Audience question: If Darwin didn’t have a job in science today wouldn’t it have been impossible to engage in science? For example, the primary school children who allegedly had great trouble publishing a perfectly scientific paper. JC of course the problem with the question of whether Darwin would get a job in science today is complicated by how today we naturally link science as only ever happening at a University. The generations just after Darwin used his work to professionalize science so he was doing work that would help found professional science how we see it today. AG and non-professionals can publish, in areas like palaeobiology they contribute a lot. MT It is possible to be an amateur geneticist but in order to get a job today you do need to collaborate and teach. JC Darwin never openly taught but he did collaborate with many, many people through correspondence and travelling around. From his correspondence and works we can tell he placed great importance on conscilliance- theories that work across groups and structures so of course he would be collaborative.

Q: Are scientists too specific in the areas they work in, compared to in the past?
AG It depends where they are. Lip-service is often paid to interdisciplinary work however, it is still very competitive and so individuals want to do their best too. MT it can be done but it is very hard to be a generalist. Science today is much more crowded so naturally people begin to specify in ever smaller areas of scientific work. JC there is great pressure for research to be relevant, making rocks interesting and genetics profound are two such examples.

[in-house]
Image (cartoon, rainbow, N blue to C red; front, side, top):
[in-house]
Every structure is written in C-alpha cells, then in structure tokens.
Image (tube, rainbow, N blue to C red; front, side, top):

Q: Does the focus on short-term impact mean that there won’t be any discipline changing science any more? AG This is a question specific to UK science now. MT Again, science gets ever more crowded. Universities have grown science in the past was necessarily more fundamental and perceived to be more productive. However, working to short term goals does mean that those far off unpredictable big findings become more serendipitous. JC pursuing blue sky thinking has always been an anomaly but today there is a much greater focus on immediate impact where as in the 19th century long and very long term value was seen as an acceptable outcome from science. MT Which isn’t to say there’s no place for short term value. AG fundamental shifts still occur today, for example the explosion in evolutionary developmental biology. We still really know very little but there’s lots of competition for narrow niches of science which are known to be fruitful and vast expanses where our knowledge is virtually nil.

Q: Has science got better? MT Yes science is now publicly funded much much more and we are standing on the shoulders of giants. AG Yes but we’re at a local low now, short term goals potentially slowing perceived progression in science. JC The worst thing about today is that working in science is so exclusive. 7-10 years and thousands of pounds is the entry requirement to even get started in science today which doesn’t need to be the case, for example, great natural history science can be done studying the worms in your garden and we’ve forgotten that you shouldn’t need money to even begin.

Q: Would Darwin get a job in science today? MT Yes, he was capable and enthusiastic with the ability to work on grand theories as well as the minutiae. He’d definitely be a geneticist. AG No, a 30-year-old Darwin would find it hard to get a foot in the door. JC Yes he would but not at UCL because he’d want to avoid people like Robert Grant who would disagree with him a lot.

Thanks again to all our panellists and audience, and again apologies for the temperature of the room.